Rural co-ops, which provide electricity for nearly half of Louisiana, are claiming in court that state regulators overstepped their authority in a March order that curbed benefits for board members.

Randy Pierce, the head DEMCO, said Tuesday the cooperatives are not trying to protect director benefits, which are not as lucrative as described by the Louisiana Public Service Commission, but they filed a lawsuit asking the courts to delineate the regulators’ power over the utilities’ business practices.

“A lot of people say it’s about director compensation and I say, ‘No, it’s not.’ It’s more about where are the lines in terms of what the commission can regulate,” Pierce told the Chamber of Commerce of East Baton Rouge Parish. “Right now, as a general manager, I have one set of rules that tells me what to do through our state statue and through our (corporate) bylaws. I have, on the other hand, an order from the Public Service Commission that says many opposite things.”

Sorting out whether co-ops should follow PSC orders or the 80-year-old the Electric Cooperative Law is the purpose of the lawsuit 10 of the state’s 13 utility cooperatives filed with the 19th Judicial District Court in Baton Rouge, Pierce said.

The five elected commissioners demanded changes after learning that the 96 board members serving part-time on rural cooperatives — and who legally can’t receive a salary — collected an average of $26,250 in 2017 from travel expenses, per diem payments and insurance coverage. Health insurance accounted for about half the $2.5 million received by the volunteer board members in 2017, according to a financial accounting ordered by the PSC.

In a rare show unity, the usually quarrelsome commissioners ordered the most sweeping changes to the way cooperatives operate since the 1940s. The nonprofit utilities initially were set up during the New Deal as a way to get electricity into rural areas that privately-owned utilities refused to serve.

The PSC in March told the cooperatives to directly inform their members how much the directors receive in compensation, then hold a vote to allow the members a chance to approve or refuse the amounts. The PSC wanted to approve the voting methods and the ballots the co-ops used, then have the results certified by an accountant selected by the regulators. The PSC would have the cooperatives suspend quorum requirements because so few members attend the annual meetings. Each rural electric cooperative board of director would be limited to six, three-year terms. And if members approve insurance for directors, the policies offered would be at the same level as the utility's employees receive.

That order strayed beyond the PSC's constitutional authority to oversee rates and improperly entered into boardrooms that decide how the businesses choose to operate, Pierce said. Board member compensation has been in every DEMCO filing probably since the cooperative formed in August 1938, so the PSC shouldn’t have been startled to learn that co-ops reimbursed their volunteer directors, he said. The average compensation for DEMCO board members is about $19,000 annually, he said.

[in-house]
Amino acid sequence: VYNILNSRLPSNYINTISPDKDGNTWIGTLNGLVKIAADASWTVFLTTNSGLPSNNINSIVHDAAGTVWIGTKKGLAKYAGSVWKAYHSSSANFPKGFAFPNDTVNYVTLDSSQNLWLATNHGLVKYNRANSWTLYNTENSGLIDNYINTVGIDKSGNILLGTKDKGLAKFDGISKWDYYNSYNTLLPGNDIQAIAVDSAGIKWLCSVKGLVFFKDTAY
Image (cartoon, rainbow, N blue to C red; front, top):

Though the 13 cooperatives started out with only a few thousand customers, several have grown substantially as residential developments moved into once rural areas. Dixie Electric Membership Corp., DEMCO, serves more than 100,000 members in Ascension, Livingston and other Baton Rouge suburbs. A $700 million-plus operation, DEMCO has about $230 million in annual revenues.

The lawsuit claims: “The Commission has no jurisdiction, and indeed violates state law, if it attempts to dictate to a privately owned business — such as the corporate cooperatives or common carriers — what shall constitute a board quorum, term limits for board members, and other corporate governance matters that the Louisiana Legislature has rightly vested in the corporate cooperatives’ respective members.”

The five-elected PSC commissioners have not filed an answer to the co-op lawsuit yet, but they voted last week to stay enforcement of their order until the court decides. Nineteenth Judicial District Judge Richard "Chip" Moore, of Baton Rouge, hasn’t scheduled any hearings.

In PSC filings, however, the commissioners argue that their constitutional authority to oversee what customers are charged extends to business practices, such as director compensation, that could figure into rates.

Because electric companies operate as a monopoly within its service area, the state Constitution gives the PSC authority to regulate public utilities. Unlike the big shareholder owned utility companies, like Entergy, which include a profit in their rates, co-ops are allowed "operating margins," or money left over after the electricity is bought and transmitted. It’s from these margins that board members' compensation is paid.

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